Mellon Graduate Fellowship for Post-Classical Latin
The UCLA Department of Classics was awarded $700,000 grant by the Andrew W. Mellon Foundation to the Division of the Humanities to support the preparation and training of young scholars in post-classical Latin for graduate programs in Medieval and Renaissance Studies. This program has been funded for three years (2014-2015, 2015-2016, and 2016-2017). The graduate component of the grant (Please see the Mellon Program in Post-Classical Latin for more information) will provide up to two graduate fellowships each year to assist in the recruitment of students entering UCLA who intend to pursue Ph.D. programs in areas whose research involves the study of post-classical Latin texts. The department packages will provide six years of support by combining fellowships and teaching employment. The first year is provided by the Mellon grant, and includes the payment of all university fees and a stipend of $27,000. This year’s recipients are Karime Parodi (Spanish and Portuguese) and Jonathan Bellairs (English).
Jonathan Bellairs is a PhD student in the English department at UCLA. He was born in the Los Angeles area and received his BA from UC Irvine. His research interests include the formation and evolution of meaning in language, and poetic language in particular, and the use of poetic forms in works of philosophical, theological, and political significance. These interests lead to an emphasis on the confluence of English and Latinate literature of the medieval and early modern periods, but also extend to the Anglo-Saxon and Old Norse literature of the early medieval period.
Karime Parodi studies Hispanic languages and literatures in the Spanish and Portuguese Department at UCLA. In 2014 she received a B.A in Spanish Linguistics and Literature from Pontificia Universidad Católica de Valparaíso where she afterward studied law. Karime is interested in the problematics offered by colonial discourse, particularly the early treatises advocating for indigenous slavery in Spanish America. At the momento she is studying a very particular treaty written in colonial Chile which takes the form of an scholastic disputatio. Her interests also include the relationship between Law and Literature, Political theory and Racial Politics.
Kate Bolton Bonnici is a PhD student in UCLA’s Department of English. Originally from Alabama, Kate is a graduate of Harvard University and New York University School of Law. In 2015, she received her MFA in creative writing from UC Riverside. Her essays and poetry have appeared in Arts & Letters, Southern Humanities Review, NANO Fiction, and elsewhere. Her current research, which emerges from foundations in government, law, and poetry, considers classical reception and other forms of intertextuality in early modern English literature.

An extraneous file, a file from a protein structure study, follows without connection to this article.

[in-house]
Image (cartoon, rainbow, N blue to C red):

A Bay Area native, Hannah Maryan Thomson attended the University of California, Berkeley for her undergraduate degree. She graduated with honors in 2011 with a BA in Art Practice. During a year abroad in Bilbao, Spain she learned Spanish and fell in love with the Basque Country. After graduating she moved back to Spain in order to teach English where she solidified her decision to pursue a career in education. In 2014 she completed a Post Baccalaureate in Classics at UCLA. She interned at the Getty Villa in the education department and taught Latin at UCLA and a LAUSD elementary school for a year while applying to graduate school. She is now in the first year of her PhD in Art History at UCLA studying medieval architecture of northern Spain. Her research interests revolve around the manifestations of power as witnessed through architecture as well as artistic exchange, particularly along pilgrimage routes. When not studying, she plays drums in an all female punk band, paints portraits, and takes well-deserved naps with her one-eyed cat, Jaqui.
John Kardosh studied philosophy at the University of Alberta, where he earned his BA and graduated with First Class Honors. He went on to pursue graduate studies in philosophy and later received his MA from the same institution. While an MA student, John was awarded a Canadian national research fellowship (SSHRC), which allowed him to study as a Visiting Fellow at both Harvard University and the University of Toronto. As his master’s thesis focused on Leibniz’s theories of metaphysical and divine causation, John has particular interests in the metaphysical causation in Leibniz’s thought, and broader interests in the early modern period of philosophy.
Christopher Gobeille graduated from UCLA in 2012, summa cum laude, with a B.A. in French and Francophone Studies, and a minor in Central and Eastern European Studies with an emphasis on Romanian language and culture. His principal research interests involve the establishment of French linguistic and cultural identity in the early Middle Ages, following the collapse of the Roman Empire and during the ascent of the Merovingian Dynasty. Mr. Gobeille is also interested in the study of French medieval music, more specifically the works of Gillaume de Machaut, which he intends to research from both a literary and musicological perspective. His musicological interests also extend into early modern music and the influence that French baroque composers exerted on the evolution of western music and the development keyboard technique. Mr. Gobeille is an accomplished classical pianist and during the last eight years, has served on the faculty of various private fine arts institutions in the greater Los Angeles area.